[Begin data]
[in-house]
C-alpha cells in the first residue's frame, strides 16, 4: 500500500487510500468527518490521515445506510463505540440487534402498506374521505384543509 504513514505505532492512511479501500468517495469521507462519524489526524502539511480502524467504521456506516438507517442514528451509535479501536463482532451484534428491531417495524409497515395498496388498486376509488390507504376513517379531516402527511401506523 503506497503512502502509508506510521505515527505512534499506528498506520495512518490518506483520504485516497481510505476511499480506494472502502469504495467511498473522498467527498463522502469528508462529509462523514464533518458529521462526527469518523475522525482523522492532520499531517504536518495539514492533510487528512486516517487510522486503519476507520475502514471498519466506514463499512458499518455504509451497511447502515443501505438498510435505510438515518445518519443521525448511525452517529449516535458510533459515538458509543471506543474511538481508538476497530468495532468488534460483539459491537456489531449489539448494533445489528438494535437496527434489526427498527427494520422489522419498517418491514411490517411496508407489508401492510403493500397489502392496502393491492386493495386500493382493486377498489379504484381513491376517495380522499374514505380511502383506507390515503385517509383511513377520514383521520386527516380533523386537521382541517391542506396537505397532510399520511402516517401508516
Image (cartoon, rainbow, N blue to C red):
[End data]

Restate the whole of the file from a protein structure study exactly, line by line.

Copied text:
[in-house]
C-alpha cells in the first residue's frame, strides 16, 4: 500500500487510500468527518490521515445506510463505540440487534402498506374521505384543509 504513514505505532492512511479501500468517495469521507462519524489526524502539511480502524467504521456506516438507517442514528451509535479501536463482532451484534428491531417495524409497515395498496388498486376509488390507504376513517379531516402527511401506523 503506497503512502502509508506510521505515527505512534499506528498506520495512518490518506483520504485516497481510505476511499480506494472502502469504495467511498473522498467527498463522502469528508462529509462523514464533518458529521462526527469518523475522525482523522492532520499531517504536518495539514492533510487528512486516517487510522486503519476507520475502514471498519466506514463499512458499518455504509451497511447502515443501505438498510435505510438515518445518519443521525448511525452517529449516535458510533459515538458509543471506543474511538481508538476497530468495532468488534460483539459491537456489531449489539448494533445489528438494535437496527434489526427498527427494520422489522419498517418491514411490517411496508407489508401492510403493500397489502392496502393491492386493495386500493382493486377498489379504484381513491376517495380522499374514505380511502383506507390515503385517509383511513377520514383521520386527516380533523386537521382541517391542506396537505397532510399520511402516517401508516
Image (cartoon, rainbow, N blue to C red):